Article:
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I have a question about GNU free software and the Linux repositories. I'm using two different mind mapping programs, FreeMind and Xmind. FreeMind is fully GNU. There's only one version ...
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  1. #1
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    question about repositories


    I have a question about GNU free software and the Linux repositories. I'm using two different mind mapping programs, FreeMind and Xmind. FreeMind is fully GNU. There's only one version of it. You can download it and use it to your heart's content, copy it for others, change it. You know the drill. XMind, on the other hand, has a free version that it calls GNU open source, but it also has two additional paid versions.

    I've been using both FreeMind and XMind under Windows, and I just got them both installed under Kubuntu now. I'm excited to be needing Windows less and less. FreeMind was available in the repositories. I had to download and install XMind. Is XMind not in the repositories specifically because it also offers proprietary versions? Its free version is just as powerful as FreeMind. The paid versions offer a bunch of online collaboration features and templates that I don't need. I've tried the paid versions and I don't need them at all. Its free version will do everything I want. It's certainly not crippleware.

    I'm sure the GNU community wants to avoid having crippleware end up in the repositories. In case anyone here is not familiar with it, crippleware is software with all the good features removed and offered for free in hopes that people will buy the real version.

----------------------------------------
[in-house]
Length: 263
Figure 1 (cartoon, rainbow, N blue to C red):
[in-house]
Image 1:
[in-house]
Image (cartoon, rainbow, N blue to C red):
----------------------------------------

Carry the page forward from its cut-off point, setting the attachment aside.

Will the avoidance of crippleware keep quality free software out of the repositories? I'm just curious how decisions are made regarding what makes it into the repositories and what doesn't. I don't have any connection to the development or sale of XMind.

    I only installed Kubuntu a week ago and I've already run across some software that I could recommend to the repositories.

  2. #2
    Penguin of trust elija's Avatar
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    To get a definitive answer, the best people to ask will be the *buntu package maintainers. However, in some cases there could be licensing issues, or maybe there is no demand or even time; if you think how much software is out there, it would be a virtual impossibility to get it all packaged up.

    Many projects provide a ppa for Ubuntu and it's derivatives. I don't know if xmind does.
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    Okay, thanks. I'm going to look into whether there's an official process for submitting an app for consideration for the repositories. I found another terrific one today named FreeFileSync. I used it all day for syncing one drive with the next. I always make sure to have at least two copies of all my data for obvious reasons. This utility does that really well. I'm going to suggest it if possible.

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  5. #4
    Administrator jayd512's Avatar
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    I'm not familiar with the software in question, but there may be a paid version simply for the online features and templates.

    I guess it would be like comparing RHEL to CentoOS. The main (read: most obvious) reason to use RHEL would be for the support options.

    Just my 2 cents.
    Jay

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